Chang: The first thing we looked at when we were approaching the design of the class was, we wanted to make sure we captured the fantasy of the class, what people think of when they think of demon hunter, how to capture that feeling of being a demon hunter: that fast, aggressive, agile style. From there we started iterating and experimenting with the types of archetypes that–how it would make sense in Hearthstone and the types of archetypes that class would have. From there we started iterating on mechanics for the class. We gave it a new keyword, Outcast, and a part of that was both from the thematic standpoint of, these are the outcasts of society. People aren’t exactly sure if they’re good or evil. They do their own thing. We wanted a mechanic to capture that. The word fit well with the mechanic of caring about the edges of your cards and how to manipulate the cards in your hand to take the most benefit from it. We also spent a ton of time iterating on the hero card. That dictates a lot of how the heroes will play out. We explored a vast variety of hero powers, constantly iterating on it, and then ultimately we landed on the one mana hero power, which is very unique to the demon hunter class. All the original classes have two mana powers. We wanted to capture that fast play style, the idea of demon hunters always being on the attack. We have a lot of cards that play around attacking for the turn and getting bonuses from that.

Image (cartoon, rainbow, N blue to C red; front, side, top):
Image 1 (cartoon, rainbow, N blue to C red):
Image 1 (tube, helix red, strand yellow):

Chamberlin: One of the coolest things for me about demon hunter, that I was having so much fun with in playtests, is that it gives you tons of these interesting tiny decisions, constantly. [The new mechanic] Outcast is a great example of it, because sometimes when you draw an Outcast card, maybe you want to play it right then, but maybe you want to hold on to it. Clearing the rest of your hand out of the way starts to matter. They also have a kit that’s very focused on soul magic, where it’s — some of your cards will get benefits from how many of your own minions have died during that turn. That’s another thing where play order starts to matter. How you trade your minions, whether you want to go wide with a small board so that you can chip away at a lot of things and have a lot of minions die in one turn to get a powerful version of that card in your hand, there’s a lot of cool choices like that. You get to constantly feel pretty clever for those sorts of things. It’s really fun to play.